As the number of films they release increases, and the superhero market becomes more and more crowded, it feels like Marvel’s work seems to come under more and more scrutiny.
They continue to turn out perfectly serviceable and commercially successful movies that are managing to stay faithful to both the franchise, and the source material. And yet a pervading air of dissatisfaction seems to have settled on their work. Almost like critics and audiences are waiting for a first cinematic mis-step to jump on, and then declare the whole endeavor doomed to failure.
What hasn’t helped Marvel’s cause is their very overt parting of ways with their studio’s number one director, Joss Whedon. With his efforts key to the early successes of the project, and his coordination of the two main Avengers movies, he’s a very public and embarrassing loss to the studio. So how has this been allowed to happen?
Well Whedon, who’s never been known for holding back his feelings, publicly criticized the firing of Edgar Wright from ‘Ant-Man’, and spoke out against the current Netflix collaborations, neither of which will have gone down well. He has now announced he will play no future part in Marvel’s plans, and last week gave a speech at the Oxford Students Union in which he stated he had been unhappy with the number of characters being shore-horned Into the films, the general direction that the studio were pointing him in, and that he felt this was responsible for the criticism that ‘Age of Ulton’ received.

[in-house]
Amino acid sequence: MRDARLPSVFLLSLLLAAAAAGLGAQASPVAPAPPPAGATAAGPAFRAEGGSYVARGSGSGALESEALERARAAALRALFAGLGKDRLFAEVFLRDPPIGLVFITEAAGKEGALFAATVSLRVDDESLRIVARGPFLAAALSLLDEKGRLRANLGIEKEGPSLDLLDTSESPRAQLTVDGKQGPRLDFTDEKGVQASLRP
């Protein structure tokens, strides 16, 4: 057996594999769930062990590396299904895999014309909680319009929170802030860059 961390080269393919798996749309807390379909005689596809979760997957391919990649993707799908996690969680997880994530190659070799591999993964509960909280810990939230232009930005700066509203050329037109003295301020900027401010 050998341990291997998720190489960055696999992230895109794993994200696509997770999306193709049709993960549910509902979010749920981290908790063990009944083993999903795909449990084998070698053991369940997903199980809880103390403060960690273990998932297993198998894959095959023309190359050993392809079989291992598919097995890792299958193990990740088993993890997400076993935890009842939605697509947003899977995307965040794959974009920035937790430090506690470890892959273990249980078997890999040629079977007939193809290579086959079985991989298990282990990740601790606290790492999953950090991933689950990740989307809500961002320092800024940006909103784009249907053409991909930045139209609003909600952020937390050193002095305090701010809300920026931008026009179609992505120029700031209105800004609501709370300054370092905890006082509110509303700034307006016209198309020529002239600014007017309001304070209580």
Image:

So how much of an issue is the departure of Whedon, and indeed Wright, to the studio? Well, in Joe and Anthony Russo, they seem to have found very able-bodied replacements. They’re also managing to keep things fresh and interesting in the face of the emerging DC threat, with the casting of cinematic royalty Ben Cumberbatch as Doctor Strange, and the addition of key property Spider-Man to the franchise.
They are, however, heading into choppy waters. Iron Man 3 was received a (fair) critical mauling. The fan buzz around Thanos has been less than they had hoped for, and the plans for the ‘Infinity War’ movies are risky; and hinge largely on the success of the ‘Gaurdians Of The Galaxy’ films; and not the more earth-based ones.
I’d argue, that with criticism building up against them in all quarters, and more audience choice becoming available, particularly with DC’s two big guns Batman and Superman coming together, the Studio cannot afford another directorial fallout. Having a sense that ‘no one man’ is bigger than the studio is all well and good, but then forcing directors to abandon their principles for a perceived greater good is entirely another thing, and very risky.
What do you guys think is more important here? The franchise, or the individual films? Sound off in the comment section below!